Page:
A: Over the past three years I have been able to implement more and more of the EcoRise curriculum. I was trained here at C.W. Harris about accessing the curriculum and the grant-writing process. The suggestion from the team at EcoRise was to start small, which is exactly what I did.  The first year I was able to implement several lessons, but not necessarily get to the Eco-Audit.  Last year we were able to complete more of the curriculum lessons and completed an energy audit, which was beneficial for my students to see, and now they won’t leave a classroom without turning the light off.  After going through that process, students were extremely excited when the district decided to run our schools on solar power by installing panels on the roof.

This year, we took the month of November to learn the ins and outs of water and its uses on our planet.  After mapping the amounts of fresh, frozen, and salt water my students were amazed at how little fresh water is available.  They are currently auditing the school’s water waste by starting out looking for leaks and preparing to address their concerns about the amount of water being wasted while students wash their hands in the bathrooms.  So far, they have discovered that one very small leak over the course of a year could waste approximately seven gallons of water.  They were able to calculate this by capturing the water produced from the leak for one minute.  Then they extrapolated that calculation to hours, days, and a year. Through their explorations and preparation for different parts of the audit they have also been brainstorming ways to solve the problems, which is motivating them to begin writing the EcoRise grant.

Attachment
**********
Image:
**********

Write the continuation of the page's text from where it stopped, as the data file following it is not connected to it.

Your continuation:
I know that as a teacher I can count on the support and e-mail updates from the EcoRise staff, which has always been helpful.   If I ever have questions or concerns they are there to work through the problem and, more importantly, motivate me to continue the process.

Q: Tell us about the moment when you felt like your students really started to “get it.” What kind of change did you witness in student attitudes and behaviors?
A: This year the students’ “a-ha” moment was when they began planning and writing a fictional story describing that the only available clean water in D.C. was at the U.S. Capitol―the rest was suddenly gone…  After working through this scenario, students began to understand more and more what it would mean to be without access to clean water. To top it off, we recently had a day when the water had to be turned off at our school due to an incident with a falling sink. The water was off for only an hour and they were struggling to deal with a lack of water for even that long.  The lessons they learned are best described in their own words: